‘Picasso’ is no stage name; Florian is the great-grandson of the mighty Pablo, adopted by the Picasso family after being born Vietnam. He’s synonymous with a high-octane style of EDM that focuses on larger-than-life, unrelenting riffs and raw textures and is squarely focused on the dance floor. But within that he shows an impressive range, from pacey-trance bangers to phat trap-style beats and rampant-electro house.
Growing up between Paris, Cannes and Switzerland, Florian founds his first musical love in the form of classic hip-hop, before discovering the likes of Basement Jaxx and Groove Armada and beginning his explorations into electronic music. He began DJing ages 13 on a basic setup, learning basic scratching techniques and honing his skills for a few years before he started messing around with beats. Fast-forward to today and he’s one of the worlds most sought after acts.
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Chris Remmers: Originally you were from Vietnam, and when you were adopted you moved to Cannes, France. Talk a little bit about Cannes specifically, as it’s such a beautiful place. What really makes it home and special to you? Where would you suggest a first-time visitor to go within the area?
Florian Picasso: Cannes is my hometown. It was the first place I lived in after leaving Vietnam at three months old. I grew up there. It’s an amazing city, especially during the Cannes Film Festival, which is known worldwide. It’s in May [every year]. It has beautiful beaches and good seafood. We have small islands in Cannes, about 10-minutes off the coast. I think those, as a first-time visitor, are the first things you should see. It’s a great city. It has a good vibe. South of France is definitely my favorite part of France.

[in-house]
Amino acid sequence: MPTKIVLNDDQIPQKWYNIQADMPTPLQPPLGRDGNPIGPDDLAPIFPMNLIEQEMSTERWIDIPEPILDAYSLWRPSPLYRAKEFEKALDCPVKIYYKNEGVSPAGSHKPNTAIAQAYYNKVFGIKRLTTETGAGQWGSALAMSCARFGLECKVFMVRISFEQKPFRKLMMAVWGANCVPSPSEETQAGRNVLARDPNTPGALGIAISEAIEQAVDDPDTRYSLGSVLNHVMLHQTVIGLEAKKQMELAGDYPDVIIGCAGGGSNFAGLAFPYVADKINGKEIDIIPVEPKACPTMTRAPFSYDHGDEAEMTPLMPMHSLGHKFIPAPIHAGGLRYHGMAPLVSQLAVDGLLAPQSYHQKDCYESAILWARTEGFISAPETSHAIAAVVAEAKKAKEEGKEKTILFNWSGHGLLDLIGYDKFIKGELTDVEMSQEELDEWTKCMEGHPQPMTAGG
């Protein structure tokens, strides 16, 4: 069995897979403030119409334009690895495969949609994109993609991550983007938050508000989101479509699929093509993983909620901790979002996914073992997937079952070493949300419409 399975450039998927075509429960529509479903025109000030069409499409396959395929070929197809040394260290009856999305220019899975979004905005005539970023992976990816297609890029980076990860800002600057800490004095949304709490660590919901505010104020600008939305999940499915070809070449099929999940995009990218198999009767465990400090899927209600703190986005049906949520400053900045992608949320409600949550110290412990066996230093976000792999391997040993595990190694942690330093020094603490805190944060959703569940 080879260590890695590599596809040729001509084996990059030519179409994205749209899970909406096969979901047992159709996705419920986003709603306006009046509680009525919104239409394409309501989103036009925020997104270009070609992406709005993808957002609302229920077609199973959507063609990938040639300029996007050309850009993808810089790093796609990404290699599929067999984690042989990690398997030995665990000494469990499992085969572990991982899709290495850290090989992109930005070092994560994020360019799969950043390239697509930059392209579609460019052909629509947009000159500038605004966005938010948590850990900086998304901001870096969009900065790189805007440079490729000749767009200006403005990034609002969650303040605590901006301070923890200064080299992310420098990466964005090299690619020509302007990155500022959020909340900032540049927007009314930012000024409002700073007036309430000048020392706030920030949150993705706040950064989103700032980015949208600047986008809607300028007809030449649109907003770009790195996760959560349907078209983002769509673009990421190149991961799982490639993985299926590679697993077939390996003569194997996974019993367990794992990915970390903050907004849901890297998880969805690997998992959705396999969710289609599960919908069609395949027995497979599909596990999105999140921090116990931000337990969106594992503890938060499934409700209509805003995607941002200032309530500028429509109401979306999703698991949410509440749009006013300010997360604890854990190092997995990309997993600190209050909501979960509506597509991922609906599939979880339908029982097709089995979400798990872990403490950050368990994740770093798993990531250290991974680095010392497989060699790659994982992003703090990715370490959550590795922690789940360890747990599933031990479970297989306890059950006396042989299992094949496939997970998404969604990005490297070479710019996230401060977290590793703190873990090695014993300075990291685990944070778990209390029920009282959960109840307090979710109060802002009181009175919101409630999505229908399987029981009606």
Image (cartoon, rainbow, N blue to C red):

CR: Sounds beautiful. To bring it into your music, where did you get your first real exposure to and initial inspiration in music? What led you to create your own?
FP: My first exposure to music was when I was still a teenager, at 13. I just wanted to play some music and it was just for fun at the beginning. Being here in Cannes was really inspiring to me. I would go out to the hills and look out onto the amazing views here. I would get inspired from all the pretty backgrounds and beautiful sunsets.
CR: Now, fast forwarding to today, when you are creating music, do you pull inspiration from your travels and seeing all these places?
FP: Yeah, not directly, but indirectly. We are so lucky to do what we are doing as music producers and DJs. We get to see new cultures and perspectives everyday. We were just in Canada and we’re going to Asia. It’s such an experience to have these blends of cultures. Of course indirectly it’s going to affect your music, because you become more open minded about your views of the world and what’s going on. Traveling is part of education. Whoever has the luck to travel is definitely privileged.
CR: Couldn’t agree more. I wanted to touch on your most recent release, your track “With Me” with Laidback Luke featuring Tania Zygar. We had the pleasure to talk to Luke a little while ago about the release. He said, “A lot of people miss the good-old, dance-floor-type-of tracks that everyone knows.” He continued saying everyone’s looking at the EDM-crossover music now. What was your perspective about the release?
FP: We connected differently than just music, because he’s a big martial artist and does a lot of kung fu and Jiu Jitsu. We just connected with sports first and then music. We decided that we should do something [together]. We are both Asians. What I like about what we created with Luke and Tania, an amazing vocalist and songwriter, is that we’re not trying please anyone.